"The quickest way to form a rich culture is to adopt an existing, decentralized one."
One night, early last week, I attended an event at the Next Energy facility on Burroughs Street in the TechTown neighborhood just North of the Wayne State University campus. Relatively few people know that TechTown is, in its entirety, actually 43 square acres in size. TechOne, what most people refer to as TechTown, is the business incubator located at 440 Burroughs. This incubator itself is under new management and as I understand it, the stakeholders are optimistic about new programming set for the coming year.
This meeting I attended was in reference to the redevelopment of the neighborhood as a whole, and there were 60 or so stakeholders and other relevant, revitalizing-types in attendance. Following a brief slide deck presentation from an urban planning firm referencing work in Philadelphia and Cleveland, we broke into groups of eight to 10 folks and were led through a process of mapping the ideal TechTown from a land-use perspective.
The process was brief, enjoyable and informative. Among other things, I observed small-business people, real estate contractors and foundation program managers, working in groups, all discussing the virtues of things like surface parking vs. actual parks. Something struck me, and I mumbled the revelation to the person on my right:
"Why would we be asking people to come to TechTown?"
The next morning and since, I have been thinking about that question specifically. There is a great deal of attention being paid to the physical spaces in the 12 square blocks that is TechTown, particularly as it connects to the university via the land south of it. However, in order for TechTown to thrive, we must focus on creating an environment where the area can grow organically out of existing assets.
I believe the opportunity for TechTown is in embracing an existing shared culture, one that exists on the fringes, and giving it a home. Functionally, I think we can look downtown at the Madison Theatre Building for a formula likely to accelerate adoption. The value proposition is this:
The Madison is to Internet start ups as TechTown is to emerging tech.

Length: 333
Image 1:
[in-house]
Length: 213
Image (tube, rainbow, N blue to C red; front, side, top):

Right down the road from TechTown on Woodward and only about a year old, the Madison is filled to the brim with innovative start ups and young professionals spilling over into other spaces like the Dime Building and 1220 Woodward. The Madison is also sparking specialty projects like Grand Circus, the Broderick Towers education and coworking environment modeled after General Assembly in NYC, and Department of Alternatives, a cooperative space exclusive to companies working on for-profit market alternatives to civic and social issues. Dandelion being a tenant, I see very specific ingredients in the mix at the Madison and I think they are applicable to TechTown redevelopment plans. I have broken it out in three parts:
In my opinion, TechTown should stake their flag in emerging technology, like cleantech, alternative energy, medical devices and life sciences. This is the place you come if you have potentially transformative technology on the brain, small or large, ready for market or at the tinkering stage. There exists in Michigan tens of thousands of mostly disparate folks engaged, at varying levels, in new and interesting technologies. TechTown can give them a home.
An advertising campaign offering a headquarters for new tech is great for awareness, but you need incentives to close the deal. This is where TechTown can take cues from the Madison, which installed offices for local venture capital firms right alongside its start ups and budding projects, giving both the VCs and the founders easy access to one another.
Also, fringe projects draw lots of attention -- a quick glance at Kickstarter's technology projects page will give you a sense of what I mean by fringe. Michigan is full of dormant engineers and hobbyists working on interesting projects. This thinking might seem contrary to someone wearing their economic development hat, but I firmly believe that the quickest way to form a rich culture is to adopt an existing, decentralized one. The community you seek is what will ultimately grow out of that culture.
You must actively communicate the Detroit brand of new tech. While you are building your own base of doers, you want to benchmark all that is awesome in these kinds of projects around the globe and start sharing it through social media. You can also slip it in as fodder in articles to be placed in regional publications. Associating your physical environment with the kind of thinking that results in the world's most interesting projects is a powerful recruitment tool. Obviously, once you start to attract the kinds of innovators you seek, these Michigan-based transformational entrepreneurs, you want to be promoting them early and often.
Something else the Madison does well that TechTown could duplicate is democratized event planning. Every other day and night, there are events at the Madison. Yes, it is an uber-attractive space, but most of these events are coordinated by the tenants -- those in proximity with like interests. Be it Waffle Wednesdays on the third floor or a female hacker teaching a class to other Detroit lady-coders-in-training, the Madison is a community, "one that is growing and it has nothing to do with the fancy chairs." It is the people and their shared culture that make it.
The TechTown neighborhood is a terrific Detroit asset. It can be so much more. Start now.
Follow Jason Lorimer on Twitter: www.twitter.com/@JasonLorimer